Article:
In this Saturday, April 8, 2017 photo, aircraft from the U.S. Forestry Service and the Florida Forestry Service work to contain a massive wildfire in Hernando Beach, Fla. Gov. Rick Scott on Tuesday, April 11 declared a State of Emergency for Florida in response to the wildfires actively burning across the state. (Luis Santana /Tampa Bay Times via AP)
TAMPA, Fla. (AP) — Firefighters are battling wildfires from the top of Florida near the Georgia line to Miami-Dade County in the south as the governor declared a state of emergency Tuesday.
Gov. Rick Scott said the proclamation will make it easier for state, regional and local agencies to "quickly work together to protect our families, visitors and communities" as authorities battle more than 100 wildfires around the state.
"Thank God we have the firefighters we do at the local, state and federal level and willing to put their lives at risk to take care of us," he added. "If it hadn't been for their hard work we would've lost a lot of homes ... all across the state."
The blaze is also affecting wildlife. On Sunday, Pembroke Pines Police reported that a group of teens caught a 13-foot python with burns on its skin in that South Florida community near the Everglades Wildlife Management Area.
"Due to the brush fires in the Everglades, you may see a rise in wildlife entering residential areas to escape the smoke and flames," the police department wrote on its Facebook page. It added photos of the snake, which was being treated at a wildlife park.
Wildfires are burning on a total of more than 23,800 acres (9,600 hectares) of land and have destroyed 19 homes, authorities said.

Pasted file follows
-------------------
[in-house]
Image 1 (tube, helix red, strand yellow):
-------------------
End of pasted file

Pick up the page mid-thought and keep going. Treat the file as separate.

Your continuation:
Agriculture Commissioner Adam Putnam said this is the most active wildfire season since 2011, with some 107 fires statewide.
A Florida Fire Service map shows most of the fires have sprung up between Lake Okeechobee to the south and the Ocala National Forest to the north. Scott's executive order is expected to speed government assistance in hard-hit Polk, Collier, Marion, Nassau, Broward, Hernando and Glades counties.
Since February, wildfires have swept across 68,000 acres (25,500 hectares) of the state. That amount is higher than the average acreage burned over the past five years.
The largest blaze right now is the one known as the Cowbell Fire in South Florida's Big Cypress National Preserve, which has spread to more than 8,000 acres (3,200 hectares) just north of Interstate 75.
Authorities lightning set off a wildfire in the Okefenokee National Wildlife Refuge and it has continued to spread, burning through more than 9 square miles (23 square kilometers) of swamp and forestland near the Georgia-Florida state line.
Susan Heisey, supervisory ranger for the south Georgia refuge, said Tuesday that more firefighters are being added to a team of more than 100 trying to contain the blaze to public land.
Heisey said the fire began in the southern portion of the Okefenokee refuge's vast 407,000 acres (16,400 hectares). She said it has now spread into the neighboring Osceola National Forest and John M. Bethea State Forest in Florida.
In Pasco County, north of Tampa, voluntary evacuations were issued Monday and an emergency shelter was opened. The evacuation order was rescinded and the shelter closed later Monday evening but officials there are warning residents to be ready in case evacuations are again recommended.
One fire near Oviedo in central Florida over the weekend resulted in evacuations of nearly 40 homes and harrowing moments for firefighters. And a Hernando County brush fire apparently sparked by lightning on Saturday had widened to 1,100 acres (445 hectares) by Monday.
The dry conditions mark a sharp contrast to 2016, when the state was drenched by two hurricanes. Many areas are experiencing drought and authorities said that's a big factor in why so many wildfires have ignited. April and May are traditionally Florida's driest months.
Putnam said about 90 percent of the fires this year have been sparked by humans.
State health officials warn that wildfire smoke affects people with chronic lung and heart problems and asthma. Doctors have advised people with these conditions should limit their outdoor activities if wildfires are burning nearby.
Information from: Tampa Bay Times (St. Petersburg, Fla.), http://www.tampabay.com.